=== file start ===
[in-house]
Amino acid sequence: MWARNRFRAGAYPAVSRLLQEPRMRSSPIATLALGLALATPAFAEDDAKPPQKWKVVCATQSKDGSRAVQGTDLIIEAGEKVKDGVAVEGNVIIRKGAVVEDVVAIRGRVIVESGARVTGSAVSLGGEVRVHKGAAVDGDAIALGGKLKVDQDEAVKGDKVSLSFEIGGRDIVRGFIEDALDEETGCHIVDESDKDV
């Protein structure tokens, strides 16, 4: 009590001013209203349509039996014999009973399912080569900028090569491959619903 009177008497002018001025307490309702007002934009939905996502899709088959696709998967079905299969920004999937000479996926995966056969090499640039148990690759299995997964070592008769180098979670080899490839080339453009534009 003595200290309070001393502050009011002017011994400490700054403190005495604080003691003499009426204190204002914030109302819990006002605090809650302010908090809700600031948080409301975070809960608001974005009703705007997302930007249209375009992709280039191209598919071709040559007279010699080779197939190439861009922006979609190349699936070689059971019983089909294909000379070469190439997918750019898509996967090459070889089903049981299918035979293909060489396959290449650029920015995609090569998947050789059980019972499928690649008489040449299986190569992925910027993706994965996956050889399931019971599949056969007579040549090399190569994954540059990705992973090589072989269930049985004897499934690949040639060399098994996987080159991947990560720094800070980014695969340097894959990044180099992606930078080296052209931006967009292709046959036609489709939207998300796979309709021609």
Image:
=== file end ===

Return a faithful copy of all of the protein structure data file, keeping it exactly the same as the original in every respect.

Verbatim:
[in-house]
Amino acid sequence: MWARNRFRAGAYPAVSRLLQEPRMRSSPIATLALGLALATPAFAEDDAKPPQKWKVVCATQSKDGSRAVQGTDLIIEAGEKVKDGVAVEGNVIIRKGAVVEDVVAIRGRVIVESGARVTGSAVSLGGEVRVHKGAAVDGDAIALGGKLKVDQDEAVKGDKVSLSFEIGGRDIVRGFIEDALDEETGCHIVDESDKDV
């Protein structure tokens, strides 16, 4: 009590001013209203349509039996014999009973399912080569900028090569491959619903 009177008497002018001025307490309702007002934009939905996502899709088959696709998967079905299969920004999937000479996926995966056969090499640039148990690759299995997964070592008769180098979670080899490839080339453009534009 003595200290309070001393502050009011002017011994400490700054403190005495604080003691003499009426204190204002914030109302819990006002605090809650302010908090809700600031948080409301975070809960608001974005009703705007997302930007249209375009992709280039191209598919071709040559007279010699080779197939190439861009922006979609190349699936070689059971019983089909294909000379070469190439997918750019898509996967090459070889089903049981299918035979293909060489396959290449650029920015995609090569998947050789059980019972499928690649008489040449299986190569992925910027993706994965996956050889399931019971599949056969007579040549090399190569994954540059990705992973090589072989269930049985004897499934690949040639060399098994996987080159991947990560720094800070980014695969340097894959990044180099992606930078080296052209931006967009292709046959036609489709939207998300796979309709021609």
Image: